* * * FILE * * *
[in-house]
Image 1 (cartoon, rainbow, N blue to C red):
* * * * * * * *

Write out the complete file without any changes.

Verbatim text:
[in-house]
Image 1 (cartoon, rainbow, N blue to C red):